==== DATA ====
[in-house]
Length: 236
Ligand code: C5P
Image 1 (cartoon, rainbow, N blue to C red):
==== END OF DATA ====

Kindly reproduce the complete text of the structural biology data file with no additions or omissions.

[in-house]
Length: 236
Ligand code: C5P
Image 1 (cartoon, rainbow, N blue to C red):